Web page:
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Monday, February 18, 2013

Under The Table,,,,,,,,,,,,

When I was small my parents would visit my Grandparents quite often. My uncle Ray was still at home at that time, I believe he was about 14 years older than me so was only in his 20s. He was always my favourite. I suppose because of his comparative closeness in age. I remember his first car, it was one that he had to crank. Also his first motorbike. I must have been quite a pest because I remember he would have me run up the road along side him until we got off the main road and then he would take me on the back for long rides in the country. No helmets in those days.

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Anyway. Mum had 3 brothers, the other two were married. Uncle Norman and Auntie Ivy would visit quite a bit and so we spent a lot of time together. They never had kids.
In the evenings the adults would play cards. I would sit under the table and listen. They would forget I was there.
This was not long after the end of the war. To me it was ancient history if I was aware of it at all. For my parents it was very recent, Dad had got back from Japan in 1945. I was born in 1946. I would listen to the stories told about things that happened during the war. I suppose if I was not a quiet child I would not have been forgotten. Then I probably would not have heard half of what I did.
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I was an only child and spent most of my time with adults. I enjoyed that. The stories I heard came in very handy when I began the family research. That's another story though.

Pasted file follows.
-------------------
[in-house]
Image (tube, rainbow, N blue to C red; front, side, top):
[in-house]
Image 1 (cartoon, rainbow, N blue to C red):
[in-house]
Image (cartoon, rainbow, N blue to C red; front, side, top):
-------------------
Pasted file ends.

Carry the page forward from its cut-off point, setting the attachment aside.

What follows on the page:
I learned that my Grandmother had some sort of ability to "see things"............Mum stayed at her parents once Dad went off with the army. She did do her own tasks during that time, I believe one thing was the night watch. They were responsible in part for being sure no one broke the black out.

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Well one night they had all gone to bed when Mum awoke to the sound of pebbles hitting her bedroom window. She thought Dad had come home on leave and got up, put on her dressing gown and as she left the bedroom she met her Mum coming out of her room. Nan said to her "Somethings happened to Harry" (my Dad)......well, there was no one down stairs or outside. They went back to bed. The next day Mum got a telegram. Dad was "missing, believed killed" and for two years she never knew what had happened to him............amazing what you hear from under the table.

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NanaDiana said...

Oh my gosh- I hope you continue the story. That is amazing. I grew up with all adults, too, but did have one younger brother- the one that just passed. I always liked being around adults, too- xo Diana

Michele @ The Nest at Finch Rest said...

WOW what a story - hope to read many more.

Noelle the dreamer said...

You are on a roll Janice! We are listening!

DeniseinVA said...

That is a fascinating story Janice. I have nothing like that to tell but my mum was an air-raid warden and told me a few stories about those days.

Merlesworld said...

As a kid I loved to hear stories from the wartimes, my father was in the war but would never talk much about it most of the stories I overheard when they had forgotten I was there. Did you overhear the rest of it.

Magic Love Crow said...

You have to tell us more! What a story!!!